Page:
Movie Review for Bride Wars

War Never Changes

Bride Wars

Comedy, Romance | PG | 1 hr 35 min
20th Century Fox
Bride Wars takes the “women get obsessive about weddings” trope and runs hog wild with it, crafting a contentious tale about two best friends who seem to prize the single celebration more than their own relationship, and drive each other into a messy war of sabotage and hurt feelings, all to reach an ending that audiences will already expect without even having taken a step inside the theater. Bride Wars is a genuine must-miss movie.

When Liv and Emma were kids, they both bore witness to a June wedding at the Plaza, and since then, the two have long held on to the dream of having their own June weddings there. Years later, the two finally get the chance when both of their respective boyfriends suddenly propose. The two set out to be each other’s maid of honor, but their friendship is torn asunder when a clerical error leads to them having booked the Plaza on the same day. With neither one willing to give up the location, the two begin a war of sabotage, trying to ruin each other’s big day.

Right from the outset, Bride Wars has a couple of problems. First of all, setup of the conflict is terribly flawed, because this much sought after wedding planner can’t get her stuff together long enough to figure out that she’s holding all three reservations, and she could’ve resolved the conflict without getting any of the parties involved. And second, given that you might accept this flawed setup, the solution to the problem is so terribly obvious that the film gives it away itself. In a reasonable world, two lifelong best friends would probably reach some sort of intelligent compromise, but because these characters are little more than hysterical female stereotypes, we have to sit through a torrent of ugliness and selfishness. It becomes terribly difficult to root for any of these characters to get their happy ending.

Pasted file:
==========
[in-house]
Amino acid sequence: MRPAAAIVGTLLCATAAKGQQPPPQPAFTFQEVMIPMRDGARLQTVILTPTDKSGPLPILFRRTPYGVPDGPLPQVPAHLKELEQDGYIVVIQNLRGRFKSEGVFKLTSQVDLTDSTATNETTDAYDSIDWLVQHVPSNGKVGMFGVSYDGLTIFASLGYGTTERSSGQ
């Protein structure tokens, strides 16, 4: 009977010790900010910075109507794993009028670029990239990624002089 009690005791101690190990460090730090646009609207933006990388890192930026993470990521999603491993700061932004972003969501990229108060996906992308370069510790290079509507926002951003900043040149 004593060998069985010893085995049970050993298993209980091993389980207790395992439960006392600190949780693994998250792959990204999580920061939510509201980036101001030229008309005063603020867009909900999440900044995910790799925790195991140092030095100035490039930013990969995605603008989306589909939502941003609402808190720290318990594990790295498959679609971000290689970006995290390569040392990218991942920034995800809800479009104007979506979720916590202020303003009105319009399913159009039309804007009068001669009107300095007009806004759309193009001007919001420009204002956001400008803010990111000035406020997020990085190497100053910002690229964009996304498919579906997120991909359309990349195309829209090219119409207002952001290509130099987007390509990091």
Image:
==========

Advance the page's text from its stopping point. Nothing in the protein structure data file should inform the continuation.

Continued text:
And if the movie was actually brave enough and smart enough to really play up its own cynicism, providing us with a story where people end up getting what they deserve and losing everything they truly hold dear. But no, mainstream filmmaking guidelines make it clear that these girls are to get their happy endings, despite all the horrible things they’ve done. Despite being absolutely horrible for most of its run time, Bride Wars has the audacity to try and sell us some of sentiment in the end. That just doesn’t work.

Despite an auspicious coming out in Almost Famous, Kate Hudson has never turned in another memorable performance. It probably doesn’t help that she only seems to appear in cinematic dreck, but it’s becoming painfully obvious that despite her loveliness, Penny Lane was probably a fluke. She’s pretty game, though, but the talent dichotomy between her and her co-star is painfully obvious. Anne Hathaway does much of the heavy lifting, throwing little subtle touches while Hudson turns to hysterics. The supporting cast is largely non-existent, because in a bit of actual thematic resonance, it’s all about the brides.

Bride Wars can and will probably be dismissed as fluff, and that’s just about right. It is fluff of the highest degree, a prime example of utterly disposable entertainment meant to appeal to the lowest common denominator, ignoring all rational thought in its ugly pursuit of some ungainly, unearned sentiment at the end. It is proof positive that in war, there are no winners. We are all losers in this case.

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